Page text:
friend and frequent lekha collaborator augusta “gus” sagnelli is a talented, sought-after photographer whose work we adore. her photography is moody and evocative, imbued with a sense of wonder. a lone object illuminated by a ray of light, a blurred visage caught briefly in the camera’s lens — the world as shot by gus is dreamy and full of poetry, and we can’t get enough. previously based in new orleans, gus studied photography at the brooks institute in santa barbara, and photographs for clients across new york, los angeles, new orleans, and, now, paris! in recent months, gus became an american expat in paris, and we couldn’t be happier to share with you the beautiful story of how that came to be, alongside self-portraits gus took in her favorite lekha pieces.
gus, you had a very unique pandemic experience — you fell in love with someone in another country! tell us about falling in love during the pandemic, and where that adventure led you?
my pandemic experience was indeed very unique and unexpected. i met my now husband just weeks before lockdown. we had drinks with mutual friends, a walk around paris and coffee, and were just friends. i honestly didn’t know when or if i would see him again. but our friendship and connection that started there turned into romance as our shared state of lockdown allowed us to spend hours getting to know each other through writing and facetime. after six months of this we made the seemingly crazy decision to meet up in the states and spend nearly a month in a cabin without wifi together. obviously we got along very well, like we’d known each other for so much longer than we really had. six months after this… we got married in my parents’ backyard and i moved to paris where he has lived for the last twelve plus years.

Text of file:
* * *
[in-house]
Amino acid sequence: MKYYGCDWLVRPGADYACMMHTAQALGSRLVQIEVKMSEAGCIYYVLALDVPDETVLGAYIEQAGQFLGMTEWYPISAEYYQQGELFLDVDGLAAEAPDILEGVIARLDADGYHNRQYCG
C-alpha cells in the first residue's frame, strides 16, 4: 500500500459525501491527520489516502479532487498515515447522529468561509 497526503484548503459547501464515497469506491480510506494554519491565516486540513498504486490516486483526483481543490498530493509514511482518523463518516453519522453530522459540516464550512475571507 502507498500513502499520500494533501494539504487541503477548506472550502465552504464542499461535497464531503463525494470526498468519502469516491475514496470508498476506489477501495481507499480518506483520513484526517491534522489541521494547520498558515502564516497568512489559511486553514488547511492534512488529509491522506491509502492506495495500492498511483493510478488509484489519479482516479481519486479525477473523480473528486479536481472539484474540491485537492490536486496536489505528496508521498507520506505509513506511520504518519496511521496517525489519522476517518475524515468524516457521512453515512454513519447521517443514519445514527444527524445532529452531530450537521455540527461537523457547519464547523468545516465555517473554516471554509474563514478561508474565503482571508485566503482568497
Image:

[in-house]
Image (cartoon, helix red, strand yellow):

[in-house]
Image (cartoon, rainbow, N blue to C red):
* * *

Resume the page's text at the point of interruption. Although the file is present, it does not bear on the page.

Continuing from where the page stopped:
it’s such a great love story! how has moving your life to paris felt?
it has honestly been one of the most obvious and easiest moves i've made. it sounds crazy on paper: move to a country across the ocean where you know all of two people and don’t speak the language during an ongoing global pandemic…. but it has been a strangely smooth transition and samuel and his friend group have been very welcoming and supportive. it’s been eye opening, empowering, and an all around exciting adventure.
moving can bring such unexpected turmoil, so it’s great to hear you’ve felt empowered and supported through the process — and a good reminder that moves aren’t always chaotic. how have you created a sense of familiarity and comfort in your new home?
when i first arrived everything was still closed, so i spent a lot of time in comfy clothes rearranging and settling in. because we couldn't go out anywhere, i often wore my black silk lekha slip, which made me feel like i wasn’t in my pajamas when samuel and i sat down for dinner at the kitchen counter, but was also comfortable enough to curl up in to watch a movie on the sofa afterwards. i think that's what lekha is so great for — feeling comfortable and stylish at the same time. i never feel guilty for napping in my lekha one afternoon, then stepping out in the same look the next.
that shift to spending time being cozy indoors is one so many of us got acquainted with during the pandemic. we’re glad your lekha pieces were supportive as you nestled in and created a new home and new creative partnership! speaking of creativity, how has your approach to photography shifted during the pandemic or due to moving abroad?
i had been on the edge of a much needed shift in my approach to my work, even before the pandemic. i wanted to move away from commercial client work and spend more time on my own personal creative eye in photography. creating photography books has always been a dream of mine and i’m actually starting the process on a few book concepts that i hope can be brought to life by this time next year. during lockdown i took a lot of self-portraits in my apartment, not only to document this new life we were all living, but also as an opportunity to examine my experience during this massive time of change in my personal life.